I know that this is a series of "favorite" albums but I think that I should call it my top 10 most influential albums. The albums on this list of mine did not only shape my formative years as a young musician but also influenced the way that I showed up in the world. "1999" comes in third on my list.
Look, Prince was to my 12-year-old self in 1982 what Bruno Mars or Beyonce is to kids of a similar age today. I'm certainly not comparing their talents but the extent of their popularity. And, its really worth mentioning that although "1999" makes the list it's also everything happening in MPLS; The Time, Vanity 6...the first glimpses into the Purple Universe, like the Marvel Universe with a 23-year-old Prince at the helm.
"1999" to Prince from the garage rock of "Dirty Mind" to (then) high-tech electro funk and threw off the shackles of the 3-minute pop song. "1999", an 11 song double album doesn't have a song on it under 4 minutes but rarely was I even close to bored. Songs like "Automatic", "Let's Pretend We're Married" and "International Lover" spoke loudly to my curious adolescent self while "D.M.S.R", "Lady Cab Driver" and "All the Critics Love You in New York" attracted the budding young funkateer.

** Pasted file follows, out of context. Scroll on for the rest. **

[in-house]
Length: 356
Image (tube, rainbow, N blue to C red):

Since I'm a bass player and you may be reading this directly from my blog I should mention something about the role "bass" plays on this record. It's almost more about the way bass isn't played. The bass is a sound or feeling supplied either by the bass guitar or synth and is never on display. Nothing is ever on display save for vocals. Everything other sound is a support player in a larger story. Take a song like "1999" where you only hear the groove in solid lock with the kick from on beats 1 & 3, the same on "Little Red Corvette". "Lady Cab Driver" is a great example of that MPLS "rumble" where the percussive aspect of the bass, the 'non-notes' are what make it so greasy, so funky. What isn't played is just as, if not more important than what is!